I’m really into integration (inclusion is not yet foreseeable in Germany today), but everything has its limits. The Hohenroth village community lives from the sense of community. The people there have a place where they can live AND feel comfortable. And that the work is still in the same place has certain advantages and disadvantages. Only then do I imagine how, within the framework of inclusion, such a resident lives completely alone in a multi-family house in a large city (in this case, Würzburg would be the next larger city), or maybe in two, in a small apartment, once a day a supervisor stops by and otherwise you would be alone. People with intellectual disabilities often need a little more impetus to do different things, e.g. Recreation. And things like that just work better in a large community. And I just always hope that the respective caregivers of those affected look closely at which living concept is suitable for whom. And Hohenroth is just the thing for people who need a little more space. But they are not locked up there either. The residents use public transport as a matter of course and go shopping in nearby places. The workshops have many external contacts (deliveries, purchase of goods, public relations, …). And what is more important: complete inclusion or happy people like Katharina met in Hohenroth? Kind regards, Uta

Thank you very much, dear Uta. That pretty much sums up my thoughts on it.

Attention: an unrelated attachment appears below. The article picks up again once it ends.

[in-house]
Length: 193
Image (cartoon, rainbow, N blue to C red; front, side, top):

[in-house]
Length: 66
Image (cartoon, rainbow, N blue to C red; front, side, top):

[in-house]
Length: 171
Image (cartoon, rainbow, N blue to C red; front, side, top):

Yes that’s true. Strictly speaking, it is not an inclusion. But the village community is not an isolated area. Many villagers work externally and not within the village. All residents can move freely and outside the village area. In this respect, I think that there is definitely more inclusion within the village community than in many places outside.

best regards

Such a great place for many great people with even more great helpers! We have the Lautenbach village community, which also works and offers many creative work opportunities (weaving, gardening, stone workshop and much more) for people with disabilities. And the supervised here are just great!

It reads well. A really nice place as it seems. So far I only knew the SOS Children’s Village from Hören.

Oh, I was happy to see familiar faces again. I worked in Hohenroth for 5 years, first as an FSJ student and then as a family helper during my studies and I can say that it is exactly as you described it. Everything very warmly and the residents actually love their work and are very proud of it. In the meantime I have been working as a special needs teacher for many years, have got to know various other concepts and have to say that Hohenroth is a really good alternative form of living!
LG Uta

Thank you for your kind words. This contribution was also more than just a contribution for me. It was a matter of the heart after we were allowed to spend this day there.

best regards

I caught myself shining all over my face as I read the blog post.
What a wonderful place, even if it’s not an amusement park &# 128521;

Nice that it touched you &# 128578;

A great contribution! I always had an idea of ​​what an SOS Children’s Village could be like, but it still seems to be very different. I think it’s great that there are such great opportunities to enable normal people to live a normal life. Thank you for taking a piece with us!

SOS Children’s Villages are once again different from the village communities. In contrast to the village communities, they are also not open to the public.

best regards

That reads really great! Great report, great pictures!

LG Katja and Co.

Yes, that’s Hohenroth. My parents were house parents there for a few years. My dad works in the carpentry and my grandma works in the seed. You have probably met her too.
We are there quite often. Whenever I visit grandfather and great-grandmother with my children. Looking at calves, goats and horses is always a must!
It is without a doubt a decelerated place!